Batman: World Greatest Detective Schmuck:
Hey I got a great idea, lets get so paranoid that we build a satellite to spy on all my "friends" while inadvertently draggin my city into a gang war and you know what to top it off lets add a dose of dead Robin and a character turn, that makes me act uncharacteristically. The past year has been somewhat of a mess in Batsville, and the only real bright spots have been the ongoing Batman title and the goings on with OMAC, and if that is all I can really say good, that's too bad. Paranoid and brooding will only get you so far. I miss the detective.

The Good (And there is plenty):
Best titles since starting these reviews:
Dark Horse:
Conan: I think this book would be so much less if the people working on it didn't let their passion for the character and their desire to keep the tone close to the original works by Howard.
Concrete: Its good to see him back after such a long absence. Always topical and worth reading.
B.R.P.D.: I would never have imagined that I would enjoy this book more than the seldom released Hellboy books. Roger is one of my favorites.
Goon: Powell Rocks. By the way, if Diamond ships them on time, there is a Goon 25 cent issue coming out this week (10/12/05), and if they show up, I'm going to give the first 50 people who come into the store on Saturday October 15th 2005 and mention this review a copy of it. I know it's only a quarter, but heck, it's free.

Countdown to Infinite Crisis: While I disagree with some of the characterizations and outcome, I admired what they were trying to start, lets see where it ends up.
Identity Crisis: Kudos just for the tension that it brought to the DC universe and the ramifications
JSA: Always a title I save for last.
Geoff Johns on JLA: Bridging the gap between the Identity and Infinite, giving the JLA a level of relevance they have been missing for quite some time.
Breech: Sadly canceled, but that will make it easier to read if it ever gets collected. Crisp story telling and art, one of the better new titles released.and cancelled.
Fallen Angel: Always one of my favorites so much so I gave away copies of the trade to get people to read it. Cancelled, but resurrected at IDW, I wonder what changes will take place.
Wonder Woman: Rucka has established her as a powerhouse in the DC universe. Not by the normal means of power, meaning physical strength, but more so a moral power. Granted she has done some things lately that may make her public think differently of her, but she never acts without reason and the responsibility to stand up for her actions.
Y: The Last Man: Alas poor Yorick, your trek is about halfway over.
Ex Machina: Consistant quality with this team coupled with their ability to keep you asking what next at the end of each issue.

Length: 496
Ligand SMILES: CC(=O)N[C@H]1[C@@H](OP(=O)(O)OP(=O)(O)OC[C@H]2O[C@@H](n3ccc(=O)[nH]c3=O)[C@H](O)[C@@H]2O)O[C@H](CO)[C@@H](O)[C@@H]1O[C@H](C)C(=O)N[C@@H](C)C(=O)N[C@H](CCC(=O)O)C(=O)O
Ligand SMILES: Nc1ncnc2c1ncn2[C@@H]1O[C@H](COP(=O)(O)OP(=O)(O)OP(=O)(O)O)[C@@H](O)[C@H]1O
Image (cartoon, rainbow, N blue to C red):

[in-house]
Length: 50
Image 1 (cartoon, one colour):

Invincible: Stumbled on this by chance and am glad for it. I don't think the tag line on the cover is too far off, it may be the best superhero comic in the universe.
Sea of Red: This one is a combination of the moody art, the story, and the wonderful printing process. This title is well thought out from all angles.
Walking Dead: My battle cry used to be I hate zombies.

Spider-Man Human Torch: Reminding us of the fun that these two used to have together, this title and the two issue FF run by waid featuring these two brough fun back into the Spider world.
She Hulk: Bought on a whim in the beginning but Dan Slott, you are my personal hero for making this book a treat of continuity and humor and all sorts of good stuff. Glad to see it's return.
GLA: Slott again, this is what Avengers Disassembled should have been. OK not really.
Daredevil: For as much as the inconsistency of Bendis vexes me, this title has always been decent under his pen.
Runaways: Vaughn again mastering the cliff hanger at the end of each issue, if you aren't reading this book, you are really missing out.
Franklin Richards: Little kid- big head, great fun stuff. Marvel should do more of this and price it low enough so that kids can pick it up regularly.
Fantastic Four: I'll miss Waid and his team but the cosmic is definitely back in this title.
Ultimate Spider-Man: I don't need to tell you how consistently good this book is.
Powers: The book I try to drop the most often but each issue brings me back for more.

Lions and Tiger and Bears: Great for kids, Vol. 2 is coming.
Little Star: Andi Watson and his story of a man trying to raise his daughter and make all the right choices for his family.
Why Are You Doing This?: Jason gives us another great book. I don't know how I found his stuff but look forward to each publication.
Blankets: I know kind of an older title, but I picked it up as I first started doing this stuff and can't say enough about it. It is the story of a man growing up and his first love. Tender and touching.
Be A Man: In order to really appreciate this little book, you have to read some of Jeffrey Brown's other books. They offer you an open and honest look at his relationships and how they eventually end. This one is the correction of all of his actions that brought about the relationships downfalls. If you haven't read the others then you may not get it if you have, it's hysterical.

Over all I think what has been the best thing that I've seen this past year has been the publishers taking more chances and trying to diversify a bit more than in the past. Image has grown from what seemed like a stable of "cloned" books and creators to a diverse and interesting line of books. Marvel, keeps trying but I think they shoot themselves in the foot by not sticking to it. DC has been consistent with their Johnny DC titles, but it would be nice to see them come out with books that feature their main heroes that are not so dark and easier to follow. I still think there is too much product out there for too little an audience, but the major publishers are trying to offer other things for their readers (Director's cuts don't count). I think that in the past year in trying to expand my horizons so that I'm not writing about the same books over and over (although I tend to since I don't get anything free to read so that leaves me in a pinch), has really opened my eyes to the diversity of things that are out there that if you stick with the top 4 publishers you may miss out on. If I had to pick my favorite book from the past year, it would be one that I discovered fairly recently: